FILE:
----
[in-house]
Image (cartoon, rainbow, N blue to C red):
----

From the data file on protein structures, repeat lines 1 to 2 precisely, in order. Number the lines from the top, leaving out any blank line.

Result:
[in-house]
Image (cartoon, rainbow, N blue to C red):